Send to

Choose Destination
See comment in PubMed Commons below
Saudi Med J. 2003 Sep;24(9):945-8.

Effects of nibbling and gorging on lipid profiles, blood glucose and insulin levels in healthy subjects.

Author information

Department of Drug Applied Research Center, Tabriz University of Medical Sciences, Tabriz, Iran.



Although there is some evidence indicative of some beneficial effects of an increased meal frequency on the lipid profiles, the results published are controversial. The aim of the present study is to investigate the effects of feeding frequency on blood lipids, glucose and insulin.


The subjects of this study were 15 healthy non-smoker males aged 27.2 +/- 6.4 years. All subjects were placed on 2 identical diets in which they consumed the same food either as 3 meals at 7-hours intervals (gorging diet) or as 9 snacks at 2 hours intervals (nibbling diet). Each diet was of 2 week's duration and was separated from each other by a period of 3 weeks. At the end of both diets, the plasma was obtained from fasting blood samples and its lipid levels were determined. The study was carried out in Tabriz University of Medical Sciences, Tabriz, Iran between 30 October 1998 and 19 December 1998.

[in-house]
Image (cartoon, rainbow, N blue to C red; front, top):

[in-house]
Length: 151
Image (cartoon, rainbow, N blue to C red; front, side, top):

The nibbling diet was associated with an increased level of glucose (p<0.01) and a decreased level of insulin (p<0.05). The plasma levels of total cholesterol, triglyceride, low-density lipoprotein, and lipoprotein (a) were found to be lower in the end of nibbling diet compared with the gorging diet, however, only for the last parameter this reduction was significant (p<0.02). The nibbling diet resulted in an insignificant increase in the high-density lipoprotein concentration.


Taking into account, the difficulty in following the nibbling diet with a fear of weight gain, there would be no advantages in recommending the nibbling dietary pattern for normal free-living subjects, although its metabolic benefits in obese people could be the subject for further studies.

[Indexed for MEDLINE]
PubMed Commons home

PubMed Commons

How to join PubMed Commons

    Supplemental Content

    Loading ...
    Support Center